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Manuel de Souza at the site of the find
Manuel de Souza with a find
Photographs courtesy John Saul

Tanzanite: Its discovery and early days. By John Saul

Summer 2007: InColor. Manuel de Souza was born in Goa in 1913 and moved to Tanganyika in 1933 after qualifying as a Master Tailor … On 7 July 1967 prospecting near the village of Mtakuja, southeast of Arusha he came across a transparent blue stone sitting on the surface of the ground and registered his claim on 25 July … He showed samples to John Saul, an M.I.T. geologist, who sent them to father, Hyman Saul in New York. Hyman showed them to Henry Platt, vice-president of Tiffany who coined the name “tanzanite”.

Manuel De Souza died at age 56 on August 21, 1969 a week after an automobile accident on the main road to Dar es Salaam … within a short time various fanciful versions of the tanzanite story began to circulate … His son, Angelo de Souza has written: “European gem dealers soon learnt the true story and Manuel’s discovery and his success swelled throughout Europe courtesy of social and factual magazines including Bunte (Jan 69), Der Spiegel, Jasmine (7/7/69), Time (24/1/69) and Life (9/5/69).

Manuel’s children, Catherine, Cosma, Maryanne and Angelo and other members of his family are now scattered in Tanzania, Denmark, Malta and the United Kingdom. For full text, 1607 words click here.

John Saul can be contacted at His son is a gem trader in Tanzania – check out his website

Photographs courtesy John Saul

1. Discovery of Tanzanite.
2.Indian merchants lose grip over trade in rare blue African stone. Arab Times. 20 July 2003
3. Gemmy dodger. By Teresa Levonian Cole. Financial Times. 29 Jan 2005.
4.Tanzanite: Mystery of the stone. The East African. 21 March 2005.

Peter C. Keller's in "Gemstones of EastAfrica" 1992, writes that the first report of tanzanite was made in July 1967 by Manuel d'Souza, a Goan tailor from Arusha, Tanzania who was prospecting for rubies and was shown some unknown blue stones by a Masai tribesman. He staked the first claims, then the secret was out.


Tanzanite is one of the more recently discovered gemstones. In July of 1967 a tailor named Manuel d'Souza from the Indian province of Goa prospecting for rubies was led to a deposit of blue stones by Maasai tribesmen.
(Granted, this means the Maasai discovered it, but few places or things are considered "discovered" until a foreigner names, promotes and markets them.)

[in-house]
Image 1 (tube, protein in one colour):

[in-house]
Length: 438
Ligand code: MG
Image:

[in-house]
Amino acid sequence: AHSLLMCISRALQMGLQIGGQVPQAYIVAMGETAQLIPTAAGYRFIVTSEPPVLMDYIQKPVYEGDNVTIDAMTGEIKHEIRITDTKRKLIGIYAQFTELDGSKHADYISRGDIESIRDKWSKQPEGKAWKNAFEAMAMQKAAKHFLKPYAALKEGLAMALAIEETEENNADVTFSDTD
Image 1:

D'Souza initially believed he had stumbled upon sapphire, but found that the material was too soft to be corundum. Laboratory investigation showed that the stone was a previously unseen variety of zoisite, already known in its green form. He registered four claims with the mining office. Hot on his heels was a former Greek army officer named Papanicholau who was already involved in several gem ventures in East Africa. The area, which became known as Merelani Hill, swiftly became riddled with mines.

D'Souza was unable to maintain close control over his claims and by his own estimate up to 80 percent of his gems were stolen from him before he even set eyes on them. Undiscouraged, he hooked up with an African mine owner named Alli Juyawata, and shortly after they were joined by Papanicholau.
This partnership was short-lived, ending in acrimony and court action.

The ABCs of Tanzanite

No recent gemstone discovery has had more of an impact on the world gemstone market than tanzanite. Portuguese prospector Manuel d'Souza discovered this gem in Tanzania in 1967 while searching for sapphire

Indian merchants lose grip over trade in rare blue African stone
NEW DELHI, (AFP) - After tapping a fad sparked by the film "Titanic" in Africa's rare blue Tanzanite stones, Indian gem and jewellery artisans are likely to lose out on a chunk of its global trade.

Tanzania, the only place where Tanzanite is found, is no longer keen to sell the rough stones to Indian firms which cut and polish them and sell the sparkling gems at a higher price in the world market. Instead, Tanzania wants to set up its own processing centres to get a bigger share of the trade.

This will cut off a major portion of the business for Indian merchants who first put Tanzanite on the world's shopshelves -- cashing in on demand triggered after Kate Winslet wore a blue stone pendant in "Titanic" symbolising her love for Leonardo DiCaprio.

Until now, almost 90 percent of the 16 million dollars in exports of rough Tanzanite gems from Tanzania were being sent to India for cutting and polishing.

"Negotiations between the Indian government and their government are under way," said Sanjay Kothari, chairman of India's Gems and Jewellery Export Promotion Council (GJEPC).

"What India has been suggesting is that since a manufacturing base cannot be set up overnight and has to be done by-and-by, India will train the people until they are ready."